SPV 45 LLC, which appears to be registered in Delaware,  bought it — for an unrecorded price — in November 2020, about a year after Cleveland Township “adopted a new blight ordinance with the resort in mind,” Tim Stein, township supervisor, told Bridge in an email.

The sale involved 160 acres of ski hills and resort facilities — including an indoor pool, warming centers, hotel, restaurant and other buildings — along with a nearby airstrip. The land for the townhouses and The Old Course golf course had been separated from the original resort parcel.

The property has a taxable value of $1,040,202, Stein said. 

A few months before the sale, in August 2020, the township asked a court to declare the land a public nuisance and issue a demolition order against the previous owner, Sweet Bread LLC, which had bought it in 2016 for $3 million, according to county records.

The township and Leelanau County, Stein said,  had “spent 20 years trying to bring ‘new' life to the shuttered resort.” The litigation was halted when the property was sold to the buyer represented by Satterwhite.

And the blight ordinance’s goal was realized as the demolition took place at year-end 2021. 

Beyond that, Stein said, the township, too, is in the dark on the property’s future.

“The township has had no discussions with the new owners about plans for future use of the property,” Stein said.

sign for sugarloaf
The ski destination is still a fixture in Leelanau County, two decades after it closed. (Bridge photo by Paula Gardner)

Looking ahead

Karl Kitchen, a mechanic who worked at Sugar Loaf for six years until its last day of operation, said staff had a lot of signs that the 2000 season would be the resort’s last. The weather was too warm in March, sending muddy trails of water down the hills instead of skiers. Paychecks started to bounce.

The operation was winding down, but not the enthusiasm for what Sugar Loaf meant to the area: Winter jobs, allowing people in the summer haven to work year-round. Robust ski teams for high-schoolers. And lasting affection for the owners who reopened and expanded it in 1964, Pat and Jim Ganter. 

man in front of hill
Karl Kitchen spent six years working during ski season at the now-demolished Sugar Loaf Resort, and skied there before that. With the buildings, lifts and everything removed from the former resort, speculation as to the property's future is on his mind. (Bridge photo by John Russell)

Today, Kitchen can stand at the base of the east side of the hill and still point out key Sugar Loaf markers: the former Sugar Barn, which used to house the ski school. The pumphouse for the snowmaking machines. The big red wheel now embedded in sandy soil that used to move the lifts.

“All we could do is helplessly watch the place fall apart,” said Kitchen, who lives in Suttons Bay. “And we had been kind of watching the various efforts to reopen the place. … after the first couple, we kind of took it with a grain of salt after that.”

Kitchen started a Facebook group called Friends of Sugar Loaf 14 years ago, growing it to over 5,000 members. 

Over the last few months, photos of people’s resort memorabilia like mugs and pencils or old images of former workers there have given way to photos and videos showing changes on the property.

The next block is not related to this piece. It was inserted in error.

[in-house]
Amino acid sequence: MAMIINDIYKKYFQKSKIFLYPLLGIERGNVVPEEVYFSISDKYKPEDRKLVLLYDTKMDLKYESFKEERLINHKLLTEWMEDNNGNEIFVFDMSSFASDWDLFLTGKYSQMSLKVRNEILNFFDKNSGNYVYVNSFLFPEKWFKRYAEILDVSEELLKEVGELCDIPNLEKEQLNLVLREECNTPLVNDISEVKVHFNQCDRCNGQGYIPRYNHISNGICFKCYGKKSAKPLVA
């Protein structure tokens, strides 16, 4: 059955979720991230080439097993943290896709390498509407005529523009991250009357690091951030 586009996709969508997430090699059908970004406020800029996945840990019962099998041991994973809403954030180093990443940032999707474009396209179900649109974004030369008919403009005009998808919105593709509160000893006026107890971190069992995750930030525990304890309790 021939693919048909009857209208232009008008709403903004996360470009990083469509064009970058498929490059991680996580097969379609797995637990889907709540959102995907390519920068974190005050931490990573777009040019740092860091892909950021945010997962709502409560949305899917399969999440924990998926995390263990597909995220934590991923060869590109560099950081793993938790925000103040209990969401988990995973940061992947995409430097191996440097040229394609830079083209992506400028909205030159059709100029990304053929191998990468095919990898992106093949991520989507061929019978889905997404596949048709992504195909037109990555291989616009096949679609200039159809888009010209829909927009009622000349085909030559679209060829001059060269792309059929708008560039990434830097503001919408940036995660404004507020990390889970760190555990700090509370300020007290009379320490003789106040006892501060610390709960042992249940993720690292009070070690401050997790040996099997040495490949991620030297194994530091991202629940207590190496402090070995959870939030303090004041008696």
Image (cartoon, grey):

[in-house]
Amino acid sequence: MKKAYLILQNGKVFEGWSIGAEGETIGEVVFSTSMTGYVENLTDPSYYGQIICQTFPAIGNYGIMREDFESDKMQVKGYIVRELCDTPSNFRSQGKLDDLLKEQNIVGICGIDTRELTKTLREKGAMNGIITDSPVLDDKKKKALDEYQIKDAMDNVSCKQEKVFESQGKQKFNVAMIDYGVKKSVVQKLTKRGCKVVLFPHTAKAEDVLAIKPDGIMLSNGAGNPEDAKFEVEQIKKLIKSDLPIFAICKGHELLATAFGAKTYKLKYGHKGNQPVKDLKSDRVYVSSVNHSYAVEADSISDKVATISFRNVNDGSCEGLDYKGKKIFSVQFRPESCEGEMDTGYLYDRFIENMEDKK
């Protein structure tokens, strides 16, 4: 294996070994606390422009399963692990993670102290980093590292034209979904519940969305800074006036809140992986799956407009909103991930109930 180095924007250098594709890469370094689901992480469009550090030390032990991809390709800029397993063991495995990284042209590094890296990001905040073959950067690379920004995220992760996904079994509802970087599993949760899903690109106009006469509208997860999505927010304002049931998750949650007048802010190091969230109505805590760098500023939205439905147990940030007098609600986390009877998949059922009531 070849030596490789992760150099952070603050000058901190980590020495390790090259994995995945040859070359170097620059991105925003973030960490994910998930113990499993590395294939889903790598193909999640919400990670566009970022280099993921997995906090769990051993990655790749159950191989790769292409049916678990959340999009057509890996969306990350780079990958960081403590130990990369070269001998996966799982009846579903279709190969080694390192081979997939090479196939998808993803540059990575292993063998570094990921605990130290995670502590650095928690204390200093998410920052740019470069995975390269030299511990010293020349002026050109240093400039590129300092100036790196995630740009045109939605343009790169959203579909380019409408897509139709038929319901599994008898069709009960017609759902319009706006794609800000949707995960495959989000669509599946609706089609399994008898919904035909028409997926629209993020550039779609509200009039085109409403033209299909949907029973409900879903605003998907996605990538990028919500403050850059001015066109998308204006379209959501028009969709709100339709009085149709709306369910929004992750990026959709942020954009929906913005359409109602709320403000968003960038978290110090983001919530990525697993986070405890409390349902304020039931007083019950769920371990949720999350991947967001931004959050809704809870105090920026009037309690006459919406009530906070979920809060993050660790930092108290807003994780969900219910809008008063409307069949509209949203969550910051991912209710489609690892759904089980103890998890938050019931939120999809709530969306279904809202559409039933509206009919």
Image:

“Looks so strange but better than the sad-looking buildings,” wrote one member.

“Love the Loaf,” chimes in another.

People across Michigan know the Leelanau area for Sleeping Bear Dunes, drives along M-22, the growing numbers of wineries and places like the historic Fishtown area in Leland, said Dave Lorenz, vice president of Travel Michigan, the state’s tourism promotion office.

“Beyond that, it doesn't have that big winter destination,” Lorenz said, weighing what the loss of Sugar Loaf meant to the state’s travel industry.

Today, said Jamie Jewell, director of the Leelanau Peninsula Chamber of Commerce, a lack of seasonal workers is the top issue among employers. Right behind that is the lack of housing for them and for people who want to live and work in the community.

In that environment — in a county where the unemployment rate is 3.9 percent, compared to the state’s overall rate of 4.3 percent — reopening Sugar Loaf to be an economic driver is not a priority, she said. 

“We're in a very different economic time in general where everybody is short-staffed,” Jewell said, comparing the Sugar Loaf era to today.  “So at this moment saying, ‘Oh, we're gonna do something and add X number of jobs’ isn't going to help the situation. It's going to hurt, to some degree, …. until we're able to really address some of the other issues like workforce housing in the area.”

Yet Lorenz said a major winter draw could help to make tourism more sustainable in Leelanau by balancing out the activity of summer months for the businesses and workers who could find opportunities outside of peak season.

Still, speculation on what should happen at Sugar Loaf keeps people talking. When they do, Brenda Barnes said, “everybody realizes the value of the property.”

The closest neighbors say they hope the new owners will welcome them onto the grassy hills with walking paths and cross country ski trails, and maybe some sledding for families.

Beyond that, Brenda said, “maybe we need a little cafe here” now that the two closest restaurants have closed.

Other options draw from the area’s growing wine industry. 


“There might be a tasting room up there,” Brenda said, pointing to the top of the top of the former ski hill. “Or there might be a building that could be rented for a convention or a party or a wedding,”

Housing might be possible, too. Some suggest high-end housing on the hillsides, but Kitchen said the sandy soil and elevation may work against that. Others look at the space near the townhouses and wonder what kinds of homesites could be added between them and the golf course.

Some can’t shake the idea that Sugar Loaf could once again do what it did best.

Says Matter, the townhouse association president, “it’s still a great place for a ski hill.”